And so it is with Campbell’s religions. The truth of God doesn’t matter. What matters is the story the lie allows you to experience. There doesn’t have to be Jesus or Heaven or Hell or Moses or Genesis. “Beginning to end, you tell her, it’s all made up. Every goddamn detail… None of it happened. None of it.” It’s art; it’s metaphor. None of it is physically true because all of it tells a true story, but not about the protagonists. The story is about our humanity. The protagonists have never have been.

Some of our darkest humanity is contained in the Books. Our self-righteousness is contained in God-given permission, and our fears are expressed in the keeping of slaves and the deaths of first born sons. The horror we are capable of is written in clear black and white, with rape, paedohilia and murder littering the pages. But if the Books are a metaphor for our humanity, and not a document for what God really said, then we can actually evaluate these Books and honestly notice the horror of acts described in them. We can honestly tell the difference between Jesus’ turn the other cheek and God’s burning of Sodom, or between Mohammed’s smite at their necks and the reward of goodness is nothing but goodness.

The truth of Allah, Yahweh, Jesus and Mohammed is irrelevant here: if Campbell is right, we are meant to use our humanity to see where religions describe us at our best, us at our worst and the world we really want to live in. They were written thousands of years ago by cultures we have superseded and we are supposed to ask which bits we really want. We are supposed to cherry pick. But we are supposed to do so knowing that “Beginning to end, you tell her, it’s all made up. Every goddamn detail… None of it happened. None of it.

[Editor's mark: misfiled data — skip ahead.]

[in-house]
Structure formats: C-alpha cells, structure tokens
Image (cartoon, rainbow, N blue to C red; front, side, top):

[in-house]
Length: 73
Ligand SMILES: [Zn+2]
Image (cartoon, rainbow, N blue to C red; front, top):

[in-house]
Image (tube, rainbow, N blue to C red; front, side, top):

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17 thoughts on ““All religions are true, in that the metaphor is true”?”

    1. I’m going to start cornering weird spiritual/mystic theists in a more defined way when they defend their beliefs and oneness and tolerance of bad ideas when they say bad ideas are metaphors.
      There’s also the Bo Burnham approach:
      the father, reads a little bit farther,
      assuring the assured that they need not bother
      “when god, in verse 45, said the slaves are okay to buy,
      he meant that people, all from the start
      each have slaves within their hearts.
      things, that we have sold or boughten, that are forced to pick our moral cotton
      god calls us to set these free, free our hearts from slavery…
      and then as god goes on to explain the logistics of buying and selling slaves… he was messing with us”

  1. Brilliant. Just brilliant writing because it’s so insightful. And such an important point you raise: